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Cope Elimination

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Cope elimination is a reaction which is performed to identify the unknown tertiary amine. It involves treatment of a tertiary amine with hydrogen peroxide to obtain amine oxide which on heating gives N,N-diakylhydroxyl amine and an alkene. In other words a new variant of the Hofmann's elimination involves the pyrolysis of an amine oxide prepared by the action of H2O2 on a tertiary amine. This elimination which is called Cope elimination which occurs at rather mild temperature.

Cope Elimination
In general the cope elimination reaction is written as

Cope Elimination Reaction

Mechanism

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Cope reaction is believed to take place through a cyclic transition state as depicted below.

Cope Elimination Mechanism

Cope Elimination Mechanism Transition State

Cope elimination occurs under milder conditions than Hofmann elimination. It is particularly useful when a snesitive or reactive alkene must be synthesized by the elimination of an amine.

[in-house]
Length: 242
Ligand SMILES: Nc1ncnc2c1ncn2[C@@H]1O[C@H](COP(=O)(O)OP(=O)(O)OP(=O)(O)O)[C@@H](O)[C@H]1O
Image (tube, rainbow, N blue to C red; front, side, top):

It is to be noted that cope elimination is cis and needs lower temperatures than the pyrolysis of quatenary ammonium hydroxides.

Applications

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The synthetic utility of the cope elimination is comparable to the Hofmann elimination of quatenary ammonium hydroxides, but takes place at lower temperatures. The Cope elimination is almost free of side reactions due to the intramolecular nature of the elimination. However, in certain cases, the product alkene may isomerize to the more stable conjugated system, and allyl-or benzyl migration is sometimes observed to give O-allyl or benzyl substituted hydroxyamines. Cyclic amine oxides can also be pyrolysed but with 6-membered rings the reaction is usually low-yielding or does not occur. 

Amine oxides are well known as surfactants that can be used in a wide variety of applications. In order to illustrate the large number of uses for amine oxides. A key use of amine oxide surfactants is in such applications as laundery detergents, sanitizers, clearners, emulsifiers and personal care compositions. 

The direction of the cope elimination is governed almost entirely by the number of hydrogen atoms at the various $\beta$-positions, and therefore there is no preference for the formation of the least substituted alkene unlike in the Hofmann elimination reaction. Upon pyrolysis N-cyclohexyl derivatives however form predominantly exocyclic olefins, since the formation of the endocyclic double bond would require the cyclohexane ring to be almost planar in the transition state. 

Cope Elimination Applications